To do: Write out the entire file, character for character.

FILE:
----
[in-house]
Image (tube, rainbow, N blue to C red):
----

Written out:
[in-house]
Image (tube, rainbow, N blue to C red):